Boy and Duck
- Frederick William MacMonnies (American, New York 1863–1937 New York)
- 1895–96, cast 1901
- 29 3/4 x 23 1/2 x 13 3/4 in. (75.6 x 59.7 x 34.9 cm)
- Credit Line:
- Rogers Fund, 1922
- Accession Number:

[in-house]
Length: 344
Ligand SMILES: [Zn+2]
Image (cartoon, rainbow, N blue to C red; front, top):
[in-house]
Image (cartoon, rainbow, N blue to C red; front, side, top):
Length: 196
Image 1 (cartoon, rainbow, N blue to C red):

MacMonnies’s best groups have an exuberance resulting from his affinity for contemporary sculpture in France, where he spent much of his career. Modeled in Paris, “Boy and Duck” depicts a laughing boy delighted at having captured a prize duck. When the work is installed as a fountain, the duck and ducklings spout water from their open beaks, and the implied noise and confusion of the moment are vividly evoked. The theme of a nude boy struggling with a feisty animal dates back to ancient works of art, some of which MacMonnies had admired on a trip to Italy in 1894. The tradition was revived in Italian Renaissance art and carried further in nineteenth-century French and American sculpture.